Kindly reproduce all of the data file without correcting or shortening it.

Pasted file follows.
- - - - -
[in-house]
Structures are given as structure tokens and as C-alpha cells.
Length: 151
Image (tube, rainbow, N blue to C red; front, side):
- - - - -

[in-house]
Structures are given as structure tokens and as C-alpha cells.
Length: 151
Image (tube, rainbow, N blue to C red; front, side):